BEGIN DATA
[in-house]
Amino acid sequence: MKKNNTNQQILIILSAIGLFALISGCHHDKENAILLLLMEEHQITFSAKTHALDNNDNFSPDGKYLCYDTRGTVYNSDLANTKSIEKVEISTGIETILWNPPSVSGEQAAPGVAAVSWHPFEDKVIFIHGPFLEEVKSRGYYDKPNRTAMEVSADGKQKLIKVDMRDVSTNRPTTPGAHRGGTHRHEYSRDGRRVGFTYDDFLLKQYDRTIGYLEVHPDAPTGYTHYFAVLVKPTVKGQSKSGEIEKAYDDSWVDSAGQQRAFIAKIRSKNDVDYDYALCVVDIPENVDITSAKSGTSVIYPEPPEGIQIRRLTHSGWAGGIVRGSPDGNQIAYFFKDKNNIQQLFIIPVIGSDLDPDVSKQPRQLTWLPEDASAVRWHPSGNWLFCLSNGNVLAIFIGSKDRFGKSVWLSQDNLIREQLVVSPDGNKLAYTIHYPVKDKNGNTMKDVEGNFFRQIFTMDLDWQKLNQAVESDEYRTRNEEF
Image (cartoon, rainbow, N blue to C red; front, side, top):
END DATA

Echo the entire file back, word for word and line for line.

[in-house]
Amino acid sequence: MKKNNTNQQILIILSAIGLFALISGCHHDKENAILLLLMEEHQITFSAKTHALDNNDNFSPDGKYLCYDTRGTVYNSDLANTKSIEKVEISTGIETILWNPPSVSGEQAAPGVAAVSWHPFEDKVIFIHGPFLEEVKSRGYYDKPNRTAMEVSADGKQKLIKVDMRDVSTNRPTTPGAHRGGTHRHEYSRDGRRVGFTYDDFLLKQYDRTIGYLEVHPDAPTGYTHYFAVLVKPTVKGQSKSGEIEKAYDDSWVDSAGQQRAFIAKIRSKNDVDYDYALCVVDIPENVDITSAKSGTSVIYPEPPEGIQIRRLTHSGWAGGIVRGSPDGNQIAYFFKDKNNIQQLFIIPVIGSDLDPDVSKQPRQLTWLPEDASAVRWHPSGNWLFCLSNGNVLAIFIGSKDRFGKSVWLSQDNLIREQLVVSPDGNKLAYTIHYPVKDKNGNTMKDVEGNFFRQIFTMDLDWQKLNQAVESDEYRTRNEEF
Image (cartoon, rainbow, N blue to C red; front, side, top):